The missing link shows in our entire behavior, as well as in the work we do. Our actions are supposed to be “powered by brain”, while we try to cut our emotions off from our actions. But that’s like keeping the foot on the clutch, while letting the engine run hot, and then wondering why it’s so exhausting to shove the car forward, with just the bare hand reaching out the bottom of the car door.
The ironic thing is: While we’re trying so hard to be sensible and reasonable, we’re still mainly emotionally driven. In our consumer behavior, social behavior, everything. It’s how we work. But instead of us deliberately using this mechanism to load up on energy to create change, it happens to us in a twisted, unconscious way. The emotions stay in the dark and accidentally lead us to judgments and action while we are fooling ourselves and believe we’re making rational decisions. “Yeah, no I’ve thought about it. And I came to the conclusion, it makes the most sense to buy it.” After all, that’s what grown-ups are supposed to do: Make the most reasonable decision. Think about stuff before acting. Has anyone taught you how to properly feel through stuff before acting?
Because we live in a world of brain powered decisions, we never train to look at what’s going on in our belly; and therefore we often fail to connect with deeper, more nuanced, complex or abstract emotions, that could potentially drive us to do authentic and meaningful things. Instead, we stay locked with “I go to work because I’m scared of being judged”, and then we even put it into a fancy, rational dress, by saying: “I decide to go to work because it’s my responsibility”. (See, twisted.)
What if we were to finally let our emotions do their job and drive our actions? In a smart way of course; we’d want to use our well-trained brain to double check our instincts for things like direction, safety, ethics and viability. But the engine would be “powered by gut”. Here’s a short collection of possible fuels for our work —since we’re speaking of renewable energy sources, they score high on sustainability.
When this emotion is expressed, it can cause empathy in our fellow humans. This can CONNECT human and draw attention to imperfect conditions.
Anger is a powerful force driving people to STOP or DESTROY something.
Enthusiasm and excitement can spark vision and creativity that drive people to CREATE things and GO TOWARDS things.
This emotion makes you want to SHAKE THINGS UP, LET GO of something, CREATE DISTANCE. It can be used to choose things that are very new, very different from the cause of disgust.
This emotion can cause a freeze, fight or flight response depending on the situation and the person. It makes us want to do something to AVOID the thing we are afraid of or KILL IT.
This emotion doesn’t move you much, just makes you want to give up and stop investing energy. After the feeling has left, you might know you don’t want to feel that way, and maybe you’ll want to start SPREADING HOPE and work toward a NEW REALITY.
This emotion drives us to CREATE something or do something that EXPRESSES APPRECIATION.
As you can see below, these were only a couple of examples; we have a rich variety of emotions to choose from when it comes down to finding a fuel to drive us.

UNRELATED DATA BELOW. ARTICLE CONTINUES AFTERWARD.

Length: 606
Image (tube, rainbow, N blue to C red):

Ways of Reconnecting
So, to recap: Emotions are what drives humans to move, change, basically to invest energy without having to think about it. We have a bunch of complex emotions that could potentially empower us to do various things, but not always do we allow them to.
That being said; how can we rediscover our instinct to move, re-link our work to our mission and finally take the foot off the clutch?
I guess we have two options:
- We could keep doing what we’re doing, but each time there’s a motivational slump, or we “really hate it”, we can look for an emotional impulse somewhere that activates our action. Maybe, ironically, even that anger itself could help us attack the given issue.
- We could, over time, observe on which topics we carry strong or consistent emotions, and what those emotions want us to do. And then, maybe, one step after another, actually start doing that.
What might the world be like if we said good-bye to “I go to work because it’s my responsibility” and reconnected our actions to our emotions?
“I feel super annoyed by the constant information overload I get. I want to change something about that.”
“I feel helpless and frustrated facing the psychological pain I see in the world. That’s why I‘m in Neurological Research, I’m desperate to find something that causes relief to humans in pain.”
“I work on solutions for physically disabled children to visit normal schools, because I’m angry at the way my brother was isolated.”
“I’m in love with humans, they are all artworks to me, and I want to express, share and cultivate that through my art.”
Would our work be different? Would we work at a different place? At a different pace? Or with more care and love? With a more powerful connection to our personal goals, our feelings and our mission? Would we be considerably less stressed out? Could we find our work deeply purposeful and stop looking for deceptive purpose in things like shopping, judging, controlling, or greedily collecting money and followers?
Would we experience more vision and intelligent creation?
“I am not interested in how people move, but in what moves them.“
— Pina Bausch
Maybe, if humans started thinking less about how they come across and more about what moves them… Their “next move” might be more of a game changer and less of a disheartening flop.
And less of a chore, as well. Investing energy in a job that has no purpose to you feels like an immense effort — so tiring that you can seriously get ill or burnt out. Investing energy in a tiny revolution on an area close to your heart, on the other hand, feels exciting, daring, fresh, challenging, honorable. In fact, you might stop thinking about the exact amount of energy you invest.
Maybe, once you discover what drives you, you can see more precisely where you want to go, and then you can clear everything out of the way.
And just go. No brain effort, no stress.
You’ll just go, because you feel like going.